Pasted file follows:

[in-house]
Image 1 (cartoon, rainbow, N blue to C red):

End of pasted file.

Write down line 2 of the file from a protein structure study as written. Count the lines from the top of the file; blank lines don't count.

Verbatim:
Image 1 (cartoon, rainbow, N blue to C red):